Coonhounds are highly-driven and dedicated hunting dogs.
This purpose for the breeds can both help and hinder the dogs when it comes to their health.
The strongest and healthiest dogs are the ones that are preferred. This helps to improve the breed’s health as the healthiest dogs and lines are often continued.
But, many hunting dogs aren’t registered. As a result, there is no regulation and breeders aren’t always testing for health before breeding.
Here are some of the health problems most commonly seen in bluetick coonhounds, redbone coonhounds, Treeing Walker coonhounds, as well as the black and tan variety.
How to Prevent Health Problems
Many health problems can’t be prevented as they are genetic. But there are steps we can take to reduce and better manage the risk.
Feed your Coonhound high-quality dog food with all the nutrition needed to support your dog’s active lifestyle. This includes paying attention to any treats that your Coonhound is given.
Don’t forget the importance of regular exercise for your Coonhound’s health.
Finally, make regular veterinary visits a priority. Annual checkups can help you catch a problem early.
Common Health Problems in Coonhounds
Coonhounds are at high risk for gastric dilation-volvulus (GDV), also known as bloat. This occurs when the stomach fills with fluid, food, or gas and twists.
As the pressure builds from GDV, it can interfere with blood flow through the body.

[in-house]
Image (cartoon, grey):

Common signs to watch for include:
- Excessive salivation
- Tender to the touch
- Enlargement of the abdomen
- Restlessness and pacing
Even the mildest cases of GDV are a serious health concern. Without proper treatment, this condition is fatal.
Ear Infections and Ear Mites
Coonhounds have large floppy ears. While this is an adorable feature, it also increases their risk of ear infections and ear mites.
The floppy ear traps moisture in your coonhound’s ear. This creates the perfect atmosphere for bacterial growth.
There is no guaranteed solution to avoid ear infections but regular ear cleaning can help considerably.
Also known as “Droopy Eye in Dogs”, ectropion occurs when the lower eyelid sags away from the eye.
This will impact your coonhound’s blink reflex and contribute to chronic dry eye. It can also cause irritation and trigger pink eye in your coonhound.
The only true treatment for the condition is surgery to tighten and reposition the lower eyelid.
This is a genetic bleeding disorder where the blood fails to clot properly.
It is caused by insufficient levels of factor IX, a blood protein. This is a specialized protein that is needed for the clotting process.
Coonhounds that suffer from this condition may bruise easily. Their bodies will struggle to stop bleeding from wounds and injuries.
This is the most common problem and one that can quickly ruin a hunting dog’s career.
Hip dysplasia occurs when the ball and socket of a coonhound’s hip joint aren’t don’t develop properly. As a result, they don’t fit together right causing them to rub and grind.
Over time, this can cause deterioration of the hip joint.
Many coonhounds with hip dysplasia will experience mobility problems throughout their lives. In the most serious cases, a coonhound can lose the function of the joint entirely.
Caused by the thyroid gland being underactive, hypothyroidism causes the metabolism to slow.
Signs of hypothyroidism in your coonhound include:
- Unexplained weight gain
- Cold intolerance
- Dull, dry hair
- Increased shedding and development of bald spots
- Dark pigmentation in the skin
- Ear infections
- High cholesterol
- Slow heart rate
While there is no cure, this condition can be managed with a thyroid replacement hormone for the rest of your coonhound’s life.